There are two types of data: Backed up data, and data you're prepared to lose. The process of backing up is dead simple. Deciding what to backup and getting into the habit of backing up is the trickier part.
A reasonable defense against all of these requires a minimum of three independent copies of the data. One or more of those copies must be powered down (offline) and at a different physical location (offsite). Remember, RAID is no substitute for a backup. Using a modern file system like BTRFS or ZFS with ECC RAM can help protect against bitrot. Surge protectors and UPS are essential protection from power irregularities. However, no protection system can guarantee absolute safety from a lightning strike, so always unplug during thunderstorms. If using RAID, a controller with built in battery backup helps prevent write failures during unexpected power outages.
You can keep a manual backup of essential files including, but not limited to: password manager database, cryptocurrency wallets, PGP keys, important documents.
With all your data in a central location, you're ready to back it up.
Depending on your needs, investing in a file server, NAS or SAN may be worthwhile. A simple option is to get yourself an external hard drive of sufficient capacity for you data. Encrypt it if you want.
Once it's mounted:
$ rsync -av --delete /path/to/mydata/ /path/to/externaldrive/
- -v being verbose
- --delete [optional] delete files on your /externaldrive/ which no longer exist in /mydata/
- -a being "archive mode, which includes:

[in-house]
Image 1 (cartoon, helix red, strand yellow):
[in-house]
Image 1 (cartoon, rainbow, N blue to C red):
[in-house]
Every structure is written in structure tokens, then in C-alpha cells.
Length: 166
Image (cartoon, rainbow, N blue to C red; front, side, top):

- -r recursive mode
- -p preserve permissions
- -t preserve times
- -g preserve groups
- -o preserve owner
- -l copy symlinks as symlinks
rsync will update any modified files and create any new ones.
rsync can be combined with cron to automatically keep your backup in sync on a time schedule.
Unison is an alternative to rsync.
Keep the external drive unplugged and stored away when not in use. You don't want a power surge taking out your computer and your backup in one hit.
Western Digital sells a line of direct-attached storage called EasyStore. Inside one of these babies is a premium, server-grade hard drive (such as a WD Red or White). These come nearly 50% cheaper than the same drives sold separately. You could use one of these as is, but if you want to use your own case/put the drive in a NAS you will have to do a little work and pry open the casing, aka shuck it. This is what works for me:
- Cut a spent gift card into four quadrants. Stick each quadrant into one side of the casing to loosen it.
- Pop it open.
You may want to set up the drive with a fresh partition table and the filesystem of your choosing. Run
lsblk to identify your drive and either
gdisk to re-partition.
After re-partitioning, run mkfs.filesystem (ext4, xfs, etc) to write
Cloud storage is a bad idea because if you:
- don't have network access
- have a slow connection
- have a data limited connection which costs extra for excessive data
- lose your password
- get phished/hacked
- get banned from the service
then you don't have a backup and have lost your data.
- Unencrypted backups can be read by the cloud provider
- Cloud provider could go offline/shutdown without warning
- Cloud provider may be in a different legal jurisdiction than you
If you're fairly confident in your backup, wipe your computer and test it. It's better to find out today that something was lost than finding out when it really matters. If this seems too scary, recheck your backed up data until it gives you confidence.